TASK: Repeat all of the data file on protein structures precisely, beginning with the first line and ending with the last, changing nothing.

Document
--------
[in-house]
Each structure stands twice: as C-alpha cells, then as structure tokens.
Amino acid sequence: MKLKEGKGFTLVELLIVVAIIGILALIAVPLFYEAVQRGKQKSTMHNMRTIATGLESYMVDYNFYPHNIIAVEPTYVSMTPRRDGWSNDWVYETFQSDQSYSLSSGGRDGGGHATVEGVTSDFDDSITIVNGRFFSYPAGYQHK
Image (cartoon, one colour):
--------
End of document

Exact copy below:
[in-house]
Each structure stands twice: as C-alpha cells, then as structure tokens.
Amino acid sequence: MKLKEGKGFTLVELLIVVAIIGILALIAVPLFYEAVQRGKQKSTMHNMRTIATGLESYMVDYNFYPHNIIAVEPTYVSMTPRRDGWSNDWVYETFQSDQSYSLSSGGRDGGGHATVEGVTSDFDDSITIVNGRFFSYPAGYQHK
Image (cartoon, one colour):